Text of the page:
The global advertising market faces major challenges, most notably, the decline in consumer spending. And even though the financial crisis seems to be hitting every corner of the globe— even China—China's $35 billion ad market is a hot spot.
China Central Television's auction of its primetime ad time Tuesday yielded nearly $1.4 billion in revenue, 15 percent more than last year. This Chinese version of the American upfront ad sales period attracted global companies like Coca-Cola who have become more committed to the growing economy since the Olympics.
Speaking of the Beijing Olympics, the huge event transformed China's media environment. It's hard to compare this year's numbers to last year's, as the Olympics are no longer pending. But one thing's clear; ad rates are 10 percent higher this year than last. (American networks would be thrilled to report 10 percent higher prices). Overall Chinese ad spending is expected to grow almost 11 percent next year, compared to nearly 22 percent this year. Growth rates have slashed in half, but it's still growing much faster than the U.S. ad market, which is expected to drop by several percent last year.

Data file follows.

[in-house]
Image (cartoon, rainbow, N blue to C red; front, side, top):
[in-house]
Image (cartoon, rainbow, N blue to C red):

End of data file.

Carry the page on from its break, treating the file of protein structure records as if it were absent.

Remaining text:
The increase in Chinese TV ads indicates confidence in the Chinese consumer. International companies are certainly hoping they can look to China for growth as other markets suffer. This jump in TV ads also points to the fact that CCTV is higher profile and more prominent after the Olympics, which the network streamed.
So the question becomes: which multi-nationals will pull back, counting every penny, and which will invest in China to gain marketshare. Procter & Gamble and Coca-Cola were reportedly big players in this auction.
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